What are some of your hobbies?
I love to read: history, religion, science fiction, satire, Calvin and Hobbes. Thank You for Smoking by Christopher Buckley, Dune by Frank Herbert, and Mere Christianity by C.S. Lewis are a few of my favorites. I recently finished volume two of A Marginal Jew: Rethinking the Historical Jesus. Three volumes to go.
What is your idea of a great weekend?
A great weekend is being at home with my wife, Vicki, our daughters, Abigail and Julia, and our dog Seamus—reading, playing fetch in the backyard, going for a hike or a run, or watching a movie or a soccer game. I love soccer! I also love visiting my family in and around Boston.
From J.R.R. Tolkien’s The Fellowship of the Ring. I’m paraphrasing: we don’t get to choose the time we live in; all we have to decide is what to do with the time that is given us.
What is the biggest challenge today of working in Finance?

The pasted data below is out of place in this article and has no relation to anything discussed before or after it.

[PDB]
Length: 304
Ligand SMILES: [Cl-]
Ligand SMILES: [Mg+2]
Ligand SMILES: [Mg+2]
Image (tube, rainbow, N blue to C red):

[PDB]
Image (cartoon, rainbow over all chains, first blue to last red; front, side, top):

I think the biggest challenge of working here is the complexity of Yale. It is complex in terms of the scale and range of things Yale does. This complexity shows up in the number of things you need to know to do your job as a finance professional – like sponsored research, gifts and endowments, or medical services, to name a few. The complexity shows up in figuring out how to design a career path for developing as a finance professional. Most financial staff at Yale work in small groups. In a given area, there might be one or only a few financial professionals – or finance might only be a small fraction of someone’s job. That can be a challenge for someone who wants to learn and grow as a financial professional. To become a really strong financial professional you need different experiences working for different people in different settings. Here it can be harder to get that type of diversified experience. It’s doable, and the good news is that there are a lot of ways to do it at Yale. It just takes a more concerted effort than it might in a company with clearly defined career tracks.